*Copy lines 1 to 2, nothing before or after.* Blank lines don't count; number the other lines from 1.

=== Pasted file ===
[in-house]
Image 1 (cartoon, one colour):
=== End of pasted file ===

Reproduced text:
[in-house]
Image 1 (cartoon, one colour):